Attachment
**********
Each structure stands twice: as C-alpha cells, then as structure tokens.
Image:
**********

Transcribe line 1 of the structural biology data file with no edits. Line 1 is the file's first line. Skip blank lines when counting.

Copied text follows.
Each structure stands twice: as C-alpha cells, then as structure tokens.